Spinach contains high levels of iron, magnesium, and potassium—all of which are crucial for energy production.
It can’t really get better than that: healthy and yummy. Let’s get it.
Photo by Alex Lvrs from Unsplash.
- 1 tablespoon nut butter of your choice
- ½ – ¼ cup milk of your choice
- 1½ – 2 cups spinach
- ¼ – ½ banana
- 1½ teaspoons vanilla extract (honey also works)
- Fill a blender with spinach, milk, nut butter, vanilla extract, and banana. Blend.
- Add in ice and blend again.
*Note: when you blend initially, you may need to pause to mix the ingredients if they’re getting stuck.
If you think that you don’t like kale, you’re probably doing it wrong. Admittedly, kale screams ‘health’, which can be a bit intimidating if you aren’t that into greens. But with just a little bit of preparation, you can make kale into an incredible snack.
One of my favorite kale-based snacks is something I basically made up by experimenting with kale and other ingredients. I often find that when I just cook up a bunch of kale, it’s a little boring—and also, can be messy. With this recipe, the egg holds everything together, making it super easy to eat.
As noted above, eggs are a top-notch source of energy—and when you add in the black beans, you’re golden. Beans contain folic acid, iron, and magnesium, all of which help produce energy and deliver it to your body’s cells, according to Integris Health. And the base of this snack, kale, is another energizer. Kale contains a ton of vitamin C (more than OJ!), which helps make it an energizing source of nutrients.
In fact, a study from Arizona State University found that those who added vitamin C to their diet found exercise 10% easier than those who didn’t take vitamin C; the vitamin C-ers also reported a 55% drop in overall fatigue! Pretty promising.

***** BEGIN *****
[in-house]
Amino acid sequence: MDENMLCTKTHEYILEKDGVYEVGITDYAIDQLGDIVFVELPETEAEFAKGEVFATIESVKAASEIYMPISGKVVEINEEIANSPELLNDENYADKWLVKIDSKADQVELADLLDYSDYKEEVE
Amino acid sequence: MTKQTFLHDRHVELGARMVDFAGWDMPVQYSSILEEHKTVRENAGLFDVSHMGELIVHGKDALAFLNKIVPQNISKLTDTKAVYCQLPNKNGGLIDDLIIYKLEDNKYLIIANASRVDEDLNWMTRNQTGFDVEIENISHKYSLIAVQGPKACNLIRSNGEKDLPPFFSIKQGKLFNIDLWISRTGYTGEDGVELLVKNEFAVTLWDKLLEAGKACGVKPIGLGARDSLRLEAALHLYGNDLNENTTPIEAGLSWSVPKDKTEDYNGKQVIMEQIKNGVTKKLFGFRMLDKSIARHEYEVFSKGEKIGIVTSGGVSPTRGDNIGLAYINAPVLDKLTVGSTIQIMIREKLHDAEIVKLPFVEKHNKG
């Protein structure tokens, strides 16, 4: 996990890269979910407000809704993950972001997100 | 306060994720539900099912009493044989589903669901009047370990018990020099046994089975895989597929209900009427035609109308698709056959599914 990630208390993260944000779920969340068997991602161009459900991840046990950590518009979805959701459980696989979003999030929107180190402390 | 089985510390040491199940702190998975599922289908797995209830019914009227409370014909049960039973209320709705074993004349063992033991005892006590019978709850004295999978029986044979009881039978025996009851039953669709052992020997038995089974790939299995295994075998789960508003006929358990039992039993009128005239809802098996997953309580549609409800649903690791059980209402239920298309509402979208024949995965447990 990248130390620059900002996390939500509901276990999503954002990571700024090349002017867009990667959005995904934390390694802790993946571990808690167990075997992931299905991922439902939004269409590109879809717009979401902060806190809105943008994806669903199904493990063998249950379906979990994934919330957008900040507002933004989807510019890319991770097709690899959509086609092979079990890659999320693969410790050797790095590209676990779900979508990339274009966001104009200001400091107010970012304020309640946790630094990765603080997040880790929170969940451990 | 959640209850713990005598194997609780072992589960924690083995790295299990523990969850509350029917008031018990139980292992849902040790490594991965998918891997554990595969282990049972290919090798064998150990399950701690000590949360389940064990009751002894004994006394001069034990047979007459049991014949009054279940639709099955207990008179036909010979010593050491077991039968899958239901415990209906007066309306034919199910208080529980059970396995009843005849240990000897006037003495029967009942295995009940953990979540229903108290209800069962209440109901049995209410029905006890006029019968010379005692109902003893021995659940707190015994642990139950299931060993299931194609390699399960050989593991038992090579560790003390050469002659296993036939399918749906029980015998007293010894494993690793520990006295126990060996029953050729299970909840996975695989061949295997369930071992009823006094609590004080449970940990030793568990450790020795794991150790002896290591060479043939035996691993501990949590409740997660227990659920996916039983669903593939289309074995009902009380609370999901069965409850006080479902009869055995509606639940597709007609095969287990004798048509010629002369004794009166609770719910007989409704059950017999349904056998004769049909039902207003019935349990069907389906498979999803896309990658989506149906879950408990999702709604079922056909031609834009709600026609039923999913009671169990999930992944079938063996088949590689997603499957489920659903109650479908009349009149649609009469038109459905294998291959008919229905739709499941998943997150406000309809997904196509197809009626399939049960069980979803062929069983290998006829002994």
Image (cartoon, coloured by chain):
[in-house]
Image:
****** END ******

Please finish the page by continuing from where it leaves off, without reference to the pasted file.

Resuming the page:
Photo by Dan Gold from Burst.
- 3 cups kale
- 1 egg
- ⅓ cup black beans
- Pinch of salt
- 2 tablespoons olive oil
- 1 garlic clove, minced
- ¼ cup cheddar cheese (optional)
- In a large pan or skillet, heat olive oil over medium-high heat. Add the garlic.
- Once the garlic begins to brown, add the kale and salt. Cover and let sit for 5 minutes.
- Add the egg and scramble until combined with the kale.
- Add the beans and cheese and let sit, covered, for 2-3 minutes.
- Serve immediately!
Elevated avocado toast
Avocado toast (AKA, “avo-toast”) has definitely become somewhat of a trend in the foodie world. And as an avocado lover, of course I had to dive in. It’s great. It really is!
Restaurants do this tasty snack really well—they prepare it so it looks all nice and pretty, which of course, makes it all the better. But I realized—it’s expensive! So instead of regularly splurging on $17 avocado toast, I learned how to make it myself. And you’d never believe how healthy this delicious recipe actually is.
Of course, avocado provides major health benefits—for students, one is particularly critical: avocados are high in healthy fats, which allow you to feel fuller for longer, and thus are a great energizing ingredient to add into the mix.